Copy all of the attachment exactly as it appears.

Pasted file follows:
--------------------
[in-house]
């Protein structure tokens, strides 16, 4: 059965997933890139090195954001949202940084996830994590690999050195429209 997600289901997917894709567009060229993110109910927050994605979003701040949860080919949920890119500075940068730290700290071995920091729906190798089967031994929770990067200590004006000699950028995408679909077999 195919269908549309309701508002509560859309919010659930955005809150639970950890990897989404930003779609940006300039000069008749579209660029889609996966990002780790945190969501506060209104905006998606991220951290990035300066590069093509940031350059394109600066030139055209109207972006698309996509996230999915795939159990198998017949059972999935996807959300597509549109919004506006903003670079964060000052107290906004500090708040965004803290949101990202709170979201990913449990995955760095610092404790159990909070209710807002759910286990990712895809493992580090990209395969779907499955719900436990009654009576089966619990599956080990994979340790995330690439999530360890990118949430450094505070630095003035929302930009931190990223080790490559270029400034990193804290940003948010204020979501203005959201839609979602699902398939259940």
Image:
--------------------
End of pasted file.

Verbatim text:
[in-house]
């Protein structure tokens, strides 16, 4: 059965997933890139090195954001949202940084996830994590690999050195429209 997600289901997917894709567009060229993110109910927050994605979003701040949860080919949920890119500075940068730290700290071995920091729906190798089967031994929770990067200590004006000699950028995408679909077999 195919269908549309309701508002509560859309919010659930955005809150639970950890990897989404930003779609940006300039000069008749579209660029889609996966990002780790945190969501506060209104905006998606991220951290990035300066590069093509940031350059394109600066030139055209109207972006698309996509996230999915795939159990198998017949059972999935996807959300597509549109919004506006903003670079964060000052107290906004500090708040965004803290949101990202709170979201990913449990995955760095610092404790159990909070209710807002759910286990990712895809493992580090990209395969779907499955719900436990009654009576089966619990599956080990994979340790995330690439999530360890990118949430450094505070630095003035929302930009931190990223080790490559270029400034990193804290940003948010204020979501203005959201839609979602699902398939259940």
Image: